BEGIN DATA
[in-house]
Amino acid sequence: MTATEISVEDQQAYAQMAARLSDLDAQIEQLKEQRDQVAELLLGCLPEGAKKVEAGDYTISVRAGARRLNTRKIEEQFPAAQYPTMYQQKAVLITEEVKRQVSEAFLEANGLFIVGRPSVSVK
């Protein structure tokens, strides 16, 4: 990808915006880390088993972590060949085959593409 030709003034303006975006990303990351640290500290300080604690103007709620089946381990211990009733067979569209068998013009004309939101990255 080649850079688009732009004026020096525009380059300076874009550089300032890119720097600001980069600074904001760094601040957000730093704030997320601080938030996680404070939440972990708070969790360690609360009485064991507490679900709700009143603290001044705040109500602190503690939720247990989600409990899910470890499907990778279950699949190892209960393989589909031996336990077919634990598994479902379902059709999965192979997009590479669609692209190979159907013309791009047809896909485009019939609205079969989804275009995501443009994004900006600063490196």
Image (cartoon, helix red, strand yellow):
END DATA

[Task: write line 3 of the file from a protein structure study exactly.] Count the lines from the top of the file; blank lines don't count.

């Protein structure tokens, strides 16, 4: 990808915006880390088993972590060949085959593409 030709003034303006975006990303990351640290500290300080604690103007709620089946381990211990009733067979569209068998013009004309939101990255 080649850079688009732009004026020096525009380059300076874009550089300032890119720097600001980069600074904001760094601040957000730093704030997320601080938030996680404070939440972990708070969790360690609360009485064991507490679900709700009143603290001044705040109500602190503690939720247990989600409990899910470890499907990778279950699949190892209960393989589909031996336990077919634990598994479902379902059709999965192979997009590479669609692209190979159907013309791009047809896909485009019939609205079969989804275009995501443009994004900006600063490196």